Illustration by Maja Stenstam
Do you think cleaning your barbecue grill from oil residues is hard?
You are right.
And you know what? Studying how it actually works is hard too.
But it can be done, both cleaning and understanding it.
In a series of projects, we have worked to understand the details of cleansing and degreasing of surfaces, often fouled by oil.
In one particular project together with Fater, we developed a methodology to study cleaning and cleaning performance of surfaces with hard-burn oil, mimicking the process that occurs for example during a session with the barbeque. Such oil is difficult to remove and special formulations are needed for cleaning. The oil in this environment undergoes thermal polymerization, and possibly thermal oxidation of unsaturated chains, which leads to the formation of different types of cross-linked oligomers and a dramatically increased viscosity.
Cooking oils to get a sample to coat the stainless steel QCM-D surfaces with, in order to have a good model for the post-barbercue cleaning procedure.
QCM-D for in-situ, real time study of cleaning
We selected the technique QCM-D because it allowed us to study the cleaning process in-situ and in real-time with an appropriate model surface (a polymerized oil film on stainless steel). Contact angle was also used as a qualitative method for making a quick assessment of cleanliness.
We studied the cleaning performance of market leaders, full formulations in development and single key ingredients in solution. While the former was valuable benchmarking, the latter contributed to how oil is de-facto removed, which turned out to be different for different formulations.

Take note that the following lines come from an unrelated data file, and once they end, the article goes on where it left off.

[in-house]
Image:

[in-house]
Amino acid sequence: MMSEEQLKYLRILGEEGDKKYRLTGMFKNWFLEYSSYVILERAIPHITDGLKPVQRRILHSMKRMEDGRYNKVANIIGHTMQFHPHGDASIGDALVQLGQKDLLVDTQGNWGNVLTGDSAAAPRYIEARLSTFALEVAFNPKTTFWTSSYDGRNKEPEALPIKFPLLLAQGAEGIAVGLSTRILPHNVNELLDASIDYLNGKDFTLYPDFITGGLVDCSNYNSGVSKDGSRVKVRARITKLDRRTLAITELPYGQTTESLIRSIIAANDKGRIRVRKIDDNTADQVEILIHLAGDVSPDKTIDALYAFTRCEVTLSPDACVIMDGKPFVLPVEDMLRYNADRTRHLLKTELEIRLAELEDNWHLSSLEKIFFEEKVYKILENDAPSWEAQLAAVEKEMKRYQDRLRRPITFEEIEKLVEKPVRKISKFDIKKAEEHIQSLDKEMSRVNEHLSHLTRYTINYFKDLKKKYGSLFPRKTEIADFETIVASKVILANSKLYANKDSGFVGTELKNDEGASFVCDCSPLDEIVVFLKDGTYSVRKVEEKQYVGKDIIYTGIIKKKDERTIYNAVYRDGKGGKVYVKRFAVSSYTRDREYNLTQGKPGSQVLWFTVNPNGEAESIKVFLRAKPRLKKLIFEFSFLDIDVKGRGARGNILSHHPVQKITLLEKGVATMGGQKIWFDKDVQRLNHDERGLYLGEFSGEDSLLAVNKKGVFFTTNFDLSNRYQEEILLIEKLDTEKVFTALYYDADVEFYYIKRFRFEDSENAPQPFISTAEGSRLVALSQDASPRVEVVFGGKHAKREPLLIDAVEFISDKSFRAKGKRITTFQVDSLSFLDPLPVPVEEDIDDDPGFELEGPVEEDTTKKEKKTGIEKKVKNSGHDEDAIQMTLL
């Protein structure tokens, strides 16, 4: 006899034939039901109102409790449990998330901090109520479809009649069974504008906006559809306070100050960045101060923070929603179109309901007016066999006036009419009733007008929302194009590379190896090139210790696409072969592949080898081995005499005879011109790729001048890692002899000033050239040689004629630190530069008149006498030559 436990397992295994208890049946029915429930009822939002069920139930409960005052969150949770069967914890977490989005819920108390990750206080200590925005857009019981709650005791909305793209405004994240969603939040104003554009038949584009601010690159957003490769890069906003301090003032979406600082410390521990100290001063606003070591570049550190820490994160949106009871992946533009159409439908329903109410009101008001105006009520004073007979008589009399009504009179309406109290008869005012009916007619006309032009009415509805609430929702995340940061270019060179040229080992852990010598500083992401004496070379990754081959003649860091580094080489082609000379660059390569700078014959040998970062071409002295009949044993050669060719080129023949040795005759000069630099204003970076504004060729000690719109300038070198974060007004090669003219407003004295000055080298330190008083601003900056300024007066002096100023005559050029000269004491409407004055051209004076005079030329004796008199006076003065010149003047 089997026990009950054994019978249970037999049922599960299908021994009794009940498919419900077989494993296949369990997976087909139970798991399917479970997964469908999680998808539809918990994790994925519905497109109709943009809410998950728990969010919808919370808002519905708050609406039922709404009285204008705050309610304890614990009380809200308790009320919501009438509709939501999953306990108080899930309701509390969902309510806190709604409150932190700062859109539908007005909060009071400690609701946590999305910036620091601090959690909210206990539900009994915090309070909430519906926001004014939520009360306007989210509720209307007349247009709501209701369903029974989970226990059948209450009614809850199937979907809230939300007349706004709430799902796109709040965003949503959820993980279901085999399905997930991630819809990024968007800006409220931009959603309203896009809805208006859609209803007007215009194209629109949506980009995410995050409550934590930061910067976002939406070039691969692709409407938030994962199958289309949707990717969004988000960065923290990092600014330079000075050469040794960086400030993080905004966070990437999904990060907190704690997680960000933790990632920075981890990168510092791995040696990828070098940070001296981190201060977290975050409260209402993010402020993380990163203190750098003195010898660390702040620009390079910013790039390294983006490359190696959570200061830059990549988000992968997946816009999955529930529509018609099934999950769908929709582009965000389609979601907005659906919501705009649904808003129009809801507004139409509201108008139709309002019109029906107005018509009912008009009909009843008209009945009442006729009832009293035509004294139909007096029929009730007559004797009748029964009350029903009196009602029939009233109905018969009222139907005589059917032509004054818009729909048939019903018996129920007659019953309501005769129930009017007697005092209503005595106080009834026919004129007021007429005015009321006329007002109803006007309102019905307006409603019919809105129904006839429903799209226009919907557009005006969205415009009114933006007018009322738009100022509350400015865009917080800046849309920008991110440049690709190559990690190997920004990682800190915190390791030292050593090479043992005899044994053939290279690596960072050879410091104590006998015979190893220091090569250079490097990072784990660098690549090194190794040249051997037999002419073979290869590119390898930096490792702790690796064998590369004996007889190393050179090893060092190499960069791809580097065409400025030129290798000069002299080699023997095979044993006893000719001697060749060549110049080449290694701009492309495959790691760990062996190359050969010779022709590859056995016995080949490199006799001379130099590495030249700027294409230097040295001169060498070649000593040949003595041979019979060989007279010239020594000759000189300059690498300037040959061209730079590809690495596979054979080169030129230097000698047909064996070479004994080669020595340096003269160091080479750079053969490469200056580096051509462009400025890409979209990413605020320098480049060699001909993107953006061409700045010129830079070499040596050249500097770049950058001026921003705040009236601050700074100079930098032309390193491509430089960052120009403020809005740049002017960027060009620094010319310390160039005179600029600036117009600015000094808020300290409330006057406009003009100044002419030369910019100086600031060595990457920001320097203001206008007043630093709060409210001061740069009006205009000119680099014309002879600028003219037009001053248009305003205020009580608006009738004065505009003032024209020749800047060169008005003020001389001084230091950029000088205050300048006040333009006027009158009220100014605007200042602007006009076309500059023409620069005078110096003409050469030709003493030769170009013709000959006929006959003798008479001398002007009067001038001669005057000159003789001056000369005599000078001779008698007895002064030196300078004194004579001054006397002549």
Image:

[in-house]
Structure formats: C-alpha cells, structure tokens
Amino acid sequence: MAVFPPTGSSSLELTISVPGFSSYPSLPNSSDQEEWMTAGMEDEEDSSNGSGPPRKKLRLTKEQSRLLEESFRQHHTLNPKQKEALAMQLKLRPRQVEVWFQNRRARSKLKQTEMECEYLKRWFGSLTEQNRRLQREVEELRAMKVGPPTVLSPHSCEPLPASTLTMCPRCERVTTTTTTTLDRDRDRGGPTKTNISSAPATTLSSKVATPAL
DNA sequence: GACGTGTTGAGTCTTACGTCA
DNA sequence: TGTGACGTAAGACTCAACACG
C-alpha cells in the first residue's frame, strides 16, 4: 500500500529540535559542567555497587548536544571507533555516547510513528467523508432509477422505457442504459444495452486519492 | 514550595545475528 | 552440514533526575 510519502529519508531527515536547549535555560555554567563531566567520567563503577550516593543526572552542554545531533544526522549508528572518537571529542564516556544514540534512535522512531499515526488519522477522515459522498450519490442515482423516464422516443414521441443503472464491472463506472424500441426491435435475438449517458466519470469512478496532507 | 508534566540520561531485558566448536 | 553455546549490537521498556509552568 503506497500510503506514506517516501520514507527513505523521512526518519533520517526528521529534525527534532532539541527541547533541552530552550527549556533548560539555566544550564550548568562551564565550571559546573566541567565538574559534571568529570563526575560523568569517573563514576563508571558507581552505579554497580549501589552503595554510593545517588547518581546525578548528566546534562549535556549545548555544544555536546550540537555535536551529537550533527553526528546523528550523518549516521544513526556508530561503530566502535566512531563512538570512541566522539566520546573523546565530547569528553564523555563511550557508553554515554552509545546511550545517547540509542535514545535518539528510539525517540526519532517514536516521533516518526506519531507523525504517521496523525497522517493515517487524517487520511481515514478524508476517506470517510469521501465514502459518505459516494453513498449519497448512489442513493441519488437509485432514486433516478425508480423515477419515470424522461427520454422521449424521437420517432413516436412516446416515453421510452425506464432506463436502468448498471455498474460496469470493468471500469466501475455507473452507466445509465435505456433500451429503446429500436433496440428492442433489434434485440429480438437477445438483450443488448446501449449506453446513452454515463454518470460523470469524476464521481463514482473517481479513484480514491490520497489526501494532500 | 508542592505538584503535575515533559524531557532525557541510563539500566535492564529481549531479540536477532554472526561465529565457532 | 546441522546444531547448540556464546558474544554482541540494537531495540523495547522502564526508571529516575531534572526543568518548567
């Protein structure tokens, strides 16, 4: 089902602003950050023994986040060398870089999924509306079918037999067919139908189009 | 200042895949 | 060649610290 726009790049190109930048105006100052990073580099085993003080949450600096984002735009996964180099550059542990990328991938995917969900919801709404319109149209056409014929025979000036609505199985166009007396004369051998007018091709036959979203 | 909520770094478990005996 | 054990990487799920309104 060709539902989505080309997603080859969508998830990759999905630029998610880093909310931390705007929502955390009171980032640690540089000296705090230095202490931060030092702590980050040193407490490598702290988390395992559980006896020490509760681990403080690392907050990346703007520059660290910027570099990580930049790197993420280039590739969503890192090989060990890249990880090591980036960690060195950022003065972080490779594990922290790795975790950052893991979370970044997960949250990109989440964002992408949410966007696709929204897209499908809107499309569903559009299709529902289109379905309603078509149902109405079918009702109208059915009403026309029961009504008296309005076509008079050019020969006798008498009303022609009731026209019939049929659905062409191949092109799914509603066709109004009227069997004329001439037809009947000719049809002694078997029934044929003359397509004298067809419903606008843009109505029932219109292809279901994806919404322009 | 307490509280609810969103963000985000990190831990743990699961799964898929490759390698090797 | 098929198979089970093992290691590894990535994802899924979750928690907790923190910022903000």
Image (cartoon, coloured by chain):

QCM-D result capturing both the change in frequency (translating into change of mass) and change in dissipation (translating into change of viscoelasticity). The image thus shows both the level of swelling and oil removal from the surface.
The mechanism of oil cleaning is a complex process that involves both chemical and physical interactions. In general terms, the goal is to break down the oil into smaller, more soluble components that can be easily removed. The break-down is either chemical (harsh pH) or biological (using enzymes). The removal is the part where surfactants play an important role. We gained knowledge of how the cleansing mechanism occur (swelling and releasing mechanism), how and at what stage the different surfactants acted onto the polymerized oil. It was also clear to us that the mechanism differs between surfactant type and with different degree of oil polymerization i.e., with different levels of tough.
The team at Fater is knowledgeable in surfactant chemistry and was aware of the different performances. With data on a molecular level, provided through QCM-D, the understanding deepened. With a better idea of the mechanisms at play, the RnD team can introduce new tailored formulations for specific purposes.
Being a colloidal chemist helps in the kitchen, both when creating and when cleaning up!